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How much do you agree that the plot of Captain Correlis Mandolin relates to Romanticism in a Postmodernist society?

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* How much do you agree that the plot relates to Romanticism in a Postmodernist society? The plot of Captain Correli's Mandolin interweaves two strands: the personal stories of a small number of members of an unnamed Cephollonian village, centring on Dr Iannis and his daughter Pelegia; and the public, historical story of the defeat by the Germans. It is the interplay between the two worlds which give the novel its peculiar captivating power and romantically moving qualities by depicting the struggle of war from the view of both strong political leaders, such as Mussolini, and the local Cephollonians. The plot relates to romanticism in a postmodernist society through telling the story of the small individuals (focusing on the romance between Pelegia and Corelli) involved in a large scale world war. De Bernieres said himself: 'I like to tackle classical themes in literature'. This can be seen in the multiplicity of genres in the novel (for instance love, war, comedy and tragedy) which can be defined as the two fundamental features of classical literature; Postmodernism and Romanticism. The plot of Captain Corelli's Mandolin focuses on the tragic love story between Pelegia and Corelli, who want to be together and yet are separated by the war. The story of lovers tragically separated by circumstances is a familiar one but, as in this case the remote setting and the skill of the novelist, to tell personal stories of the islanders and the plot of the historical war, make it seem fresh. ...read more.


Carlo is buried among the roots of the olive tree 'in the soil of Odysseus' time', and olive wood is used for the funeral pyres of the massacred Italians, just as it was in The Odyssey for the Greek heroes of the Trojan War. It is also, more generally, associated with continuity between past and present, joy, the pastoral idyll, nature as a provider, and Christianity (Arsenios' cross). It is the 'entwined roots' of the olive tree to which Dr Iannis refers as a metaphor for enduring love. Music has always been used to represent emotions and personally I associate the art of music with romance because love is often used as a topic in the work of many musicians. Corelli uses his musical skills on the mandolin to show his true feelings towards Pelegia. In chapter twenty-seven we see how music brings the two destined lovers together. When Pelegia first hears Corelli play the mandolin she has an epiphany as she realises that music is 'an emotional and intellectual odyssey'. This clich�d romantic interlude is undermined by the doctor turning it into a comedy. The mandolin is a good example of romanticism within the novel as it is a metaphor for peace and harmony, and the life-enhancing opposite of a gun ('armed only with his mandolin'). It also represents the music as the highest pursuit of civilisation, and one which transcends cultural and national differences because it is a universal language. ...read more.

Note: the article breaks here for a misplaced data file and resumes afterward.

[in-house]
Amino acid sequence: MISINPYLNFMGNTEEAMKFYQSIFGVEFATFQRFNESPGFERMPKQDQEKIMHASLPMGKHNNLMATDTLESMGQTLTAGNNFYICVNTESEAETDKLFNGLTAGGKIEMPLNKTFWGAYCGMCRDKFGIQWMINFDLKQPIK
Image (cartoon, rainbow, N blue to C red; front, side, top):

In conclusion it is quite clear that Captain Corelli's Mandolin relates to Romanticism in a Postmodernist society. The novel features both romanticism and postmodernism in the form of a love story set against the background of war. These two literary features fully evoke the readers' response and there is something for everyone. It can be said that the novel is more history than story, but history is needed to tell the full story and show the horrors of war on both the big and the little man. Even the epigraph of the novel tells us that it is a romantic postmodernist text. It is a poem by Humbert Wolfe called 'The Soldier' which tells the story of 'young' soldiers 'tall and slim' who died in the war and were forgotten. It says 'they smile in the face of death.....and were robbed of their quiet paradise', here the poet is describing how brave the soldiers were and that they died young in war, again this can be placed under the romantic genre. Therefore love becomes more vulnerable and precious against a background of hostilities, and war becomes more threatening and poignant when a relationship is at stake. War is political, love is personal, but there universal and perpetual human experiences can become confused or intertwined, and are two sides of the same coin, for instance, 'Pelegia's March' unites the martial and the lyrical. Love and war evoke emotions in the characters, including disappointment, enmity, revenge, joy, triumph, pathos and heartbreak. Both are beyond the normal rules of justice: all's fair in love and war. ?? ?? ?? ?? Amy Dunne ...read more.

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